Pacific Ocean, somewhere off the coast of Panama---I feel terrible. I caught a cold the second day of our passage to the Galapagos. I pulled out all the meds: Cold-Eeze (zinc), Vitamin C, Comtrex Cold (a supply from Greece), gargling, lots of water and sleeping between all my watches. Still, it has moved to my lungs, a critical thing for me because I have asthma and even though it’s very controlled, my lungs are the weakest part of my body…something I’ve lived with since childhood. It’s also the only thing that scares me. The crew knows I have a cold, they don’t know what it could mean. And I can’t let on unless I know I’m in trouble. I also have Cipro Anti-biotic and a steroid pack specifically for an extreme case of lung infection. So I am prepared. But, I am one forth the crew on this boat and want to pull my weight. Shannon saw me struggle and took a watch for me during the day.
My specialist back home has driven it into my head that I always check my meter, don’t trust my mind. The meter will tell you how much air I am getting. I’m not in danger, just below my normal. I am sick.
I have been so fortunate to have calm seas and beautiful watches with little stress. It’s just not fun to be feeling bad with a boat constantly moving and knowing I must still get up at 1am to watch until 3am.
I guess I am learning how wimpy I am at home. Normally I would have run to the doctor by now, gotten antibiotics, called my sister to whine a little bit and been sitting in front of my TV veg’ing. But not at sea. It was my turn to cook and I managed to make meatloaf, mashed potatoes and an onion, tomato, cucumber salad.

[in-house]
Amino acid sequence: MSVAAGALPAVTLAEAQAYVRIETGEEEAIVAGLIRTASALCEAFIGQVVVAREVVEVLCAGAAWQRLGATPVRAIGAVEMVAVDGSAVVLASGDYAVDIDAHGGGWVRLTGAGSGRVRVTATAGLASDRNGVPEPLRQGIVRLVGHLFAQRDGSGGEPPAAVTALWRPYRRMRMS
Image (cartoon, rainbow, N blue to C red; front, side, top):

I do however, feel really safe with this captain trained as a Sea Medic, he has a storehouse of meds in a large Styrofoam box full of everything imaginable, plus two smaller first aid kits in the head (bathroom).
Other mishaps have occurred. Jake had a large cup of boiling water fall off the counter and burned his side, bringing boils and raw skin up during their transatlantic passage: he put medicine on it and wrapped it in kitchen plastic wrap for days. I cut the tip top of my pointer toe off walking through a field in Dominican Republic: out of nowhere, the captain pulled out a bottle and put iodine on in immediately, later hydrogen peroxide then wrapped the cut off part to the toe with breathable tape for several days until the skin under it toughen up enough. Jake got thrown against the table during a big wave and appeared to break a couple ribs: he used an ace bandage for a while but finally after enduring a lot, he spent a day in the St. Marten hospital having it checked. Andy had a tooth with a root canal fail and visited a random dentist in Panama City when he really needed to see someone two months earlier: they had to completely redo the procedure. I was in Greece when the remains of the Para dental surgery that had happened before my trip appeared and two small pieces of bone dropped from an area where a tooth had been pulled. Yep, bone dropped from my jaw. Sometimes you just have to suck it up.
And so we do. Actually, right now we are 400 miles from Panama and 400 miles from the Galapagos so there really isn’t a choice except to be brave.